Talons Philosophy

An Open Online Highschool Philosophy Course


Appeal vs. Objective Quality

The topic for my question started with consciousness: “How do we think?” I after many hours spent trying to find an article related to my topic, I realized that my question was more of a psychological question than philosophical. I decided to switch my topic to something more inclined to exist; Descartes First Philosophy was in a way related to my question, so I figured I would change my question to “What can we know?” However, I quickly got bored with this topic. In class, we spent much time discussing Descartes and his first Philosophy, and it had little fascination left for me. After all that, I still didn’t know what my question was.
Sitting in class, I was on my phone, scrolling through google to see if I could get any type of inspiration for another topic. My peers were sitting beside me, pestering me for an opinion. I kept trying to shut them out, because I had work to get done. Slowly, I allowed my concentration to waver, and I entered a quite one sided argument about the quality of art, and objectivity’s relationship to aesthetics, and that’s how I stumbled on to my question: What is more important, Objectivity, or Subjectivity?

Schelling defines philosophy of art as a “construction of art”. Philosophical construction means for him “presentation in the absolute.
At this epoch “absolute” signifies for Schelling the unconditioned identity of subjectivity and objectivity that constitutes knowledge
as such. Hence the title “identity philosophy” stands for the systematic unveiling of this identity in each and every object of knowledge.

The basis of my article, is how a different article failed to count in most pieces of art when discussing aesthetics; from what I understand, the author means to counter this, and say that it’s more important to regard subjectivity in relation to /every/ art piece when considering aesthetics.

During our group discussion, the main concept that was being discussed was “Is art objectively good or bad?”

During this discussion, Dom was adamant with his argument:

There are curriculum’s based around different Arts,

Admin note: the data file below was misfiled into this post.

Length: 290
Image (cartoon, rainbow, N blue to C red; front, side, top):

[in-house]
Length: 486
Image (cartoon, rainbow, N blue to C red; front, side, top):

Curriculum’s have content in them

There are ways you can be taught to improve your art

Therefore, there are basic techniques that can be used that create good Art

From this, we can see that Dom is more of a believer in objectiveness in Art; that there are certain qualities a piece of Art can have that improves its quality. One idea that he presented that no one could completely refute, was that when one creates a movie, it’s typically a good thing to have good acting, pacing, music, etc. and that the better these qualities are, on average, the better the movie. However, Matthew and Brian weren’t so sold on this point.

Mr. Jackson presented the strongest argument we managed to come up with: The Eagles are widely considered to be an incredible group of musicians, and are heralded as a world class band. However, Mr. Jackson thinks they are terrible; what creates the difference?
The first conclusion that comes to my mind, is that there can be no objectivity in art. Objectivity is based around something having a lack of human bias; how can something which has its central idea of subjective appeal be objective? It’s a direct contradiction. Sorry, Dom!

The main question I have, is: how can Dom’s argument make sense? There are Art courses, that people can take in order to improve as an artist, but how can someone teach how to subjectively appeal to a mass group of people?



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